Indonesia earthquake: Search continues for 5.6-magnitude earthquake in West Java province

Jakarta, Indonesia

Rescuers dig through the rubble to find survivors of a powerful earthquake that toppled homes and buildings and killed more than 100 people in a heavily populated area of ​​Indonesia’s West Java province on Tuesday.

According to the United States Geological Survey (USGS), the 5.6-magnitude earthquake struck at a depth of 10 kilometers in the Cianjur region of West Java on Monday at 1:21 p.m. local time, causing buildings to collapse during school classes. they continued.

The death toll rose to 103 on Tuesday, with most trapped under collapsed buildings, according to the country’s National Disaster Management Agency (BNPB). Earlier, the governor of West Java, Ridwan Kamil, said more than 160 people had been killed – the reason for the discrepancy remains unclear.

The photos showed buildings turned into ruins, bricks and broken metal scraps scattered on the streets. According to BNPB, more than 700 people were injured and thousands of people left their homes.

“Most of the dead are children,” Kamil told reporters on Monday, adding that the death toll could rise. “There have been many incidents in several Islamic schools.”

The strong tremors forced children to flee their classrooms, according to the aid group Save the Children, which said more than 50 schools were affected.

Mia Saharosa, a teacher at one of the affected schools, said the earthquake was “a shock to all of us,” according to the group.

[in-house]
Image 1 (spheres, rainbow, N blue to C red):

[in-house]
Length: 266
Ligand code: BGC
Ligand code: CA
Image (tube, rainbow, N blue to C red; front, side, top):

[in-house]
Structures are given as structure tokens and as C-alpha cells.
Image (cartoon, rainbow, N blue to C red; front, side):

“We all gathered in the field, the children were terrified and crying, worried about their families at home,” Saharosa said. “We hug each other, get stronger and keep praying.”

Herman Suherman, a government official in Cianjur, told media that some residents were trapped under the rubble of collapsed buildings. Metro TV news channel showed hundreds of victims being treated in the hospital parking lot.

Television footage showed residents gathering outside buildings that were almost completely destroyed, Reuters reported.

One resident, identified only as Muchlis, said he felt a “huge jolt” and that the walls and ceiling of his office were damaged.

“I was very shocked. I was worried that there will be another earthquake,” he told Metro TV.

The Indonesian Bureau of Meteorology, BMKG, warned of the danger of landslides, especially during heavy rains, as 25 aftershocks were recorded in the first two hours after the earthquake.

Rescuers could not immediately reach some of those trapped, he said, adding that the situation remained chaotic.

In addition to constructing tents and shelters for the victims, the government authorities are meeting their basic needs.

Indonesia sits on the Ring of Fire, a band around the Pacific Ocean that causes frequent earthquakes and volcanic activity. One of the most seismically active zones on the planet stretches from Japan and Indonesia on one side of the Pacific Ocean to California and South America on the other.

In 2004, a 9.1-magnitude earthquake off the northern Indonesian island of Sumatra triggered a tsunami that hit 14 countries and killed 226,000 people along the Indian Ocean coast, more than half of them in Indonesia.